The British Army's first transgender officer has warned if Donald Trump reaches the White House trans rights in the US “will be set back a whole generation.”
And she reveals a recent VISIT to the far-right dominated, notoriously anti-trans states, which support the Republican candidate, left her so traumatised she was unable to leave her home for two weeks.
Abi Austen, once 16-stone Para Captain Ian Hamilton, began living as a woman ten years ago.
She recently VISITED the swing state of North Carolina for a moving Channel Four documentary, to highlight its introduction of the controversial 'bathroom bill'.
The bill, which insists trans-people must use the sex of bathroom which appears on their birth certificate even if they are now living as the opposite gender, has stirred massive opposition from Obama's administration, backed by democrat candidate Hilary Clinton.
Yet Trump, who must win the state and the wider support of the deep south's evangelical Christian community to have any chance of becoming president, refuses to oppose the bill, insisting it is the state's decision.
His electioneering, says Abi, paves the way for 21 further states battling the federal government for the right to introduce their own bathroom bills – whose fates will be decided in the supreme court next year – to succeed if he becomes president.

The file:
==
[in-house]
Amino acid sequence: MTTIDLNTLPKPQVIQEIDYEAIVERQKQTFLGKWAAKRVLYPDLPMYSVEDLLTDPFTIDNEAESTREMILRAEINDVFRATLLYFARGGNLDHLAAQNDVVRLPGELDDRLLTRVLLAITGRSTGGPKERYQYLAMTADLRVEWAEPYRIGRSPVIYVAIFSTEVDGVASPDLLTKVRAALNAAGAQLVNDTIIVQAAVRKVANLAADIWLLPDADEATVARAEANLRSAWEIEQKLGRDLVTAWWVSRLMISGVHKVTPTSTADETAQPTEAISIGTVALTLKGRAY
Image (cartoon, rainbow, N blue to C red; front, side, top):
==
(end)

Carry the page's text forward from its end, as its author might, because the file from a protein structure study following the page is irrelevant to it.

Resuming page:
She says: "There is no credible path to the White House for Trump unless he wins there in North Carolina, so this little bathroom bill, this microcosm of transgender rights, has suddenly become nationally important.
But what Trump is doing is not fun and games, it could have dire consequences - he is stoking the fires, it is playing to people's fears, and suddenly transgender people have become a section of society that threatens America.
"I sat down with a so-called bishop and was told I'm a sexual pervert and a paedophile. A man in a woman's dress. Others told me 'a grown man dressing as a woman goes against human nature', that the bill was about 'safety'. To sit and listen to that was extremely difficult.
"There have been 24 murders this year of trans-people so far across the US, those are the ones we know about. I think we will see murders go up if he gets in.”
She adds: "We were just getting about her businesses, normalising, but this bill brings us into the spotlight and institutionalises hatred. It goes back to civil rights, the Jim Crow laws in the 1960s. I was relived to get across the state border."
Abi, who has also worked, as a woman, with the US Army for NATO in Afghanistan – and who has been decorated with as many medals as Abi as she was as Ian – says VISITING North Carolina had a deeply distressing effect on her, reminding her just what trans-people there are battling daily.